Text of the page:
We’re reviewing our lifestreams at the moment, which means looking back at the things we’ve written, ideas we’ve encountered, and so on. There’s a practically unspoken set of rules about what it’s OK to edit, and what it isn’t; we might improve on the tags we’ve used, or categorise our posts, or we might correct a spelling mistake or a broken link. But we probably shouldn’t rewrite posts, tighten up ideas, or make things reflect what we’re thinking now rather than what we were thinking then. I say ‘practically unspoken’, because James practically spoke it earlier this week:
This is making me think about the role analytics plays in the assessment of the course. When we considered analytics for the tweetorial, one of the things I and a lot of people mentioned was how it was the quantifiable and not the qualifiable that is measured. How far do the analytics of our lifestream (which we can’t access easily, but maybe our glorious leaders can) impact upon the assessment criteria?
The course guide suggests that this is how we might get 70% or more on the lifestream part of the assessment:
Only one of these is quantifiable – Activity – and even that isn’t totally about the numbers. The frequency of posts, and the range of sources, are, but the appropriateness of posts isn’t. The number of lifestream summary posts, in Reflection, can be quantified, and the activities mentioned in Knowledge and Understanding are quantifiable too. But nothing else is. Everything else is about the quality of the posts. The assessment, largely, is about quality not quantity (apart from the few bits about quantity).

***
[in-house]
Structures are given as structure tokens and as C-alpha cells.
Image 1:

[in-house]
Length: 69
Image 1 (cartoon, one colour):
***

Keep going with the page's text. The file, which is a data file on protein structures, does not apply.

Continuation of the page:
So evidently there are educational positives around growth, development, authenticity – not quite a ‘becoming’ (because I’ve been reading about how this educational premise is problematically humanist, natch) but ‘deepening’ or ‘ecologising’, if I can get away with making up two words in one blog post.
My first instinct is to say that the learning analytics that we seem to have access to at the moment really don’t seem to be up to the job, along with the prediction that this will not always be the case. But if there’s one thing I’ve learned about education and technology in this course it’s that technology shapes us as far as we shape it. So if it’s the case that the technology through which learning analytics can be performed won’t ever be able to capture the current state of educational feedback, does that mean that the state of educational feedback will be shaped or co-constituted by the technology available? And what does that look like? What are the points of resistance?
Just Pinned to Education and Digital Cultures: http://ift.tt/2ogZpOw
This is a photo of my very tiny, very messy desk at home, taken last weekend, just hours after my computer keyboard and trackpad decided to pack in permanently.